What is a Tax Certificate?

A tax certificate has the following characteristics:

1. It is a legal, marketable, document initially issued by a county.
2. It represents an interest in a parcel of real property (real estate).
3. The property it represents is usually referred to in the document by some combination of a legal description, parcel ID number, PPIN, unit number, and assessee name.
4. It’s origin is based on an unpaid lien placed against the property by the State of Alabama but originally administered by the County.

The “process” begins when the county holds it’s annual tax sale as required by law. These certificates are sold at public outcry auction to the highest bidder. If there is no bidder for a particular certificate/parcel, that certificate is “struck off to the State” or “sold to State”. The State then has possession of the tax certificate until it is either (a) redeemed at the county or (b) sold directly by the State to an investor (sometimes called a “State re-sale”).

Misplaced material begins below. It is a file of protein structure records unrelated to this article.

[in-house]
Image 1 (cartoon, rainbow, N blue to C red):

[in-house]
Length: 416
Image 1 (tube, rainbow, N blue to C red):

A certificate is marketable because it can be “assigned” or transferred between parties according to the procedures of the particular county. As long as a certificate is LESS than three years old, it is eligible for redemption through the county. If a redemption occurs, any purchaser is entitled to receive what they have paid for taxes plus 12% simple interest.

There are some technical exceptions to the above but we will address those in a later post.